Record editorial: As threat of climate change looms, Park City cannot do it alone
As City Hall has set ambitious goals to dramatically reduce the community’s carbon footprint, Parkites have watched with pride.
In the face of a warming global climate that threatens, among other things, the future of the ski industry our economy is built on, Park City leaders have wisely recognized that inaction is untenable. But they also know that we cannot do it alone.
That’s what makes the inaugural Mountain Towns 2030 Net Zero Summit so encouraging. The event, scheduled to begin Wednesday and run through Friday, brings leaders from a number of other mountain communities to Park City to discuss ways they, too, can take aggressive action on climate change. The three-day summit includes a compelling schedule of panels and a diverse set of speakers, ranging from ski industry executives to congressmen to nonprofit directors.
Park City is not formally asking other mountain towns to adopt its goal of achieving net-zero carbon emissions by 2030, but the conference will lay the foundation for other communities to take steps toward reducing their own carbon footprints. Those who attend should leave energized by the enthusiasm on display during the conference and armed with both the knowledge of how to get the ball rolling in their communities and the support of a network of folks who can assist in the efforts.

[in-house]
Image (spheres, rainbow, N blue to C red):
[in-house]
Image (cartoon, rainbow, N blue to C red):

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The science surrounding climate change is clear, and mountain communities cannot afford to wait any longer to take meaningful action. While a warming planet will usher in catastrophic consequences like drought and natural disasters in developing countries, the effects in resort towns will also be damaging.
For one, scientists warn that the ski industry as we know it may cease to exist in the not-so-distant future as mountain snowfall in the winter turns to rain. That would be crippling in in places where ski resorts power the local economy. Additionally, climate change could make devastating wildfires — the kind that could wipe out dense areas like Summit Park or Old Town — much more common throughout the West.
Of course, just as Park City can’t reverse climate change by itself, the united efforts of mountain communities won’t alone save the day. But at a time when standing idle is no longer a viable option, hopefully those attending this week’s summit depart with the understanding that addressing the problem together gives us the best chance to avoid those unwanted fates.
For more information about the Mountain Towns 2030 Net Zero Summit, visit mt2030.org.
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